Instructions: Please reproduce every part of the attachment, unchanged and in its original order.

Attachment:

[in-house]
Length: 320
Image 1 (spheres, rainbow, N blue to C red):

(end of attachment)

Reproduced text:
[in-house]
Length: 320
Image 1 (spheres, rainbow, N blue to C red):